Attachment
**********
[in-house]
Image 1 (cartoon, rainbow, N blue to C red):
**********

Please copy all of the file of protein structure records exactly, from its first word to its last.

[in-house]
Image 1 (cartoon, rainbow, N blue to C red):